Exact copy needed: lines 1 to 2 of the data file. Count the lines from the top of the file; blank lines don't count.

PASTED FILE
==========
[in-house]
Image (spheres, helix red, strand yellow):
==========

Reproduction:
[in-house]
Image (spheres, helix red, strand yellow):